Another Temple University student has come forward claiming she was attacked by a group of young girls minutes before a brutal off-campus assault with a brick that forced a fellow co-ed into surgery.
The 20-year-old junior, who spoke on the condition of anonymity, tells NBC10.com she was text messaging a friend as she walked down her street, the 1700 block of Willington Street, around 5:45 p.m. on Friday when she was blindsided by a fist.
“I typed [the message] and lifted my head to start walking again and as I lifted my head up, there was a girl coming at me, swinging at me, and I was able to lean back. She barely hit my chin, and then she swung again and hit my mouth area and my neck and I was able to shove her away and sprint away,” she said.
The student says a group of seven to 10 girls took part in the unprovoked attack that left her with a few bruises. When she was able to break away, the woman says she ran to her nearby house, which is just feet from Philadelphia Police’s 22nd District headquarters.
Minutes after, the woman said a Philadelphia Police officer knocked on her door asking if she was OK. A driver apparently witnessed the attack and flagged down an officer, the student said.
“The officer said ‘Are you OK? Are you OK?’ and I was in shock and told her that I wasn't hurt bad,” she said.
The student said she was in shock and couldn’t really speak about the incident, so later that night, at the urging of her roommate, she walked over to the 22nd District headquarters to make a report.
But she says that attempt fell on deaf ears.
“His attitude was very nonchalant and he was acting like it was no big deal,” she said speaking about the officer inside the station.
The woman said the whole conversation happened from within the station’s waiting room, which was full of people at the time, and that she didn’t feel comfortable talking about all of the details regarding the assault in public.
“He said if it happened again to call 911. I didn't think to call 911 because I was at the station, I was four doors down,” she said.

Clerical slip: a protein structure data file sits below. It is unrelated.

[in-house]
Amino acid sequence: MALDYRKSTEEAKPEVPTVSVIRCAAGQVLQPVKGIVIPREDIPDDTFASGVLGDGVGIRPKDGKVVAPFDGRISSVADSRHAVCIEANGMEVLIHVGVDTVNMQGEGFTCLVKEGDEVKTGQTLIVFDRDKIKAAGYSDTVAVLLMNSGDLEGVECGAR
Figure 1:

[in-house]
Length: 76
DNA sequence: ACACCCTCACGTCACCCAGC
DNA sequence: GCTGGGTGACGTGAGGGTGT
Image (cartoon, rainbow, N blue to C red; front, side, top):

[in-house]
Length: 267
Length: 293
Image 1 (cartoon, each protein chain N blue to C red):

The co-ed was planning to let the situation go, until she heard about the unprovoked attack of two other Temple students only three blocks away, just 15 minutes after hers.
NBC10.com was first to report that assault, in which a group of girls and boys, some of whom are believed to be as young as 8-years-old, punched and used a brick to hit a couple as they walked near Temple’s athletic fields at 16th and Norris Streets around 6 p.m. on Friday.
In that attack, a 19-year-old girl was hit in the mouth with a brick, dislodging her teeth – an injury that required emergency surgery.
“My boyfriend pushed the girl away from me that hit me in the face and then the girl’s sister came at me with a brick,” the victim told NBC10.com in an exclusive interview. She also asked to remain anonymous citing safety concerns. “I tried to get away as fast as I could. My teeth were halfway out of my mouth. I wasn’t thinking about anything besides getting to safety.”
The victim in the first attack is a family friend of the 19-year-old. The two plan to meet on Temple’s North Philadelphia campus this week to discuss their experiences. The 20-year-old says she also plans to return to the police station on Monday to try to file an official report.
NBC10.com reached out to Philadelphia Police about the attack and whether they are investigating a connection.
In a written response, the Philadelphia Police Office of Public Affairs said the department was not aware of the second attack.
"If there is someone else out there indicating they were assaulted, then we want to know about it, so that it can be investigated, and to see if they are connected. More importantly, so that those who are responsible for this brutal attack are off the streets," a spokesperson wrote.
Questions as to why a police report was not taken by an officer at the woman's home or at the station were not answered.
Ray Betzner, Assistant Vice President of University Communications at Temple, says the university had not been notified of the alleged attack. Having taken place off of the university's campus, he said it is out of Temple University Police's jurisdiction, which ends at 16th Street.
"We have primary concern of ensuring the safety of the 5,000 to 6,000 students who live on campus," he said. "Those students who choose to live in the City of Philadelphia are protected by Philadelphia Police."
Monday night, Temple University Police sent an email to students alerting them of the crimes. They also say a student reported Monday night that two teen girls tried to snatch her purse. Both Philadelphia Police and campus police are investigating.
For the past two years, Temple has paid the city $1 million a year to enhance police patrols in the neighborhoods surrounding campus, Betzner said. He adds that they rely on police to notify them about crimes in those areas and involving Temple students.
Betzner says the university also has a number of programs -- including escorts -- to keep students safe.
Asked why Temple did not sent out an alert about the brick attack after officials were made aware of it, he said such alerts are reserved for situations where people are in imminent danger.
As for the woman, she says the attack is prompting her to change her ways when walking through the neighborhood.
“I’m definitely never going to have my head down again,” she said. “I am just going to be with people all the time. Maybe if I was just with another person they wouldn’t have targeted me."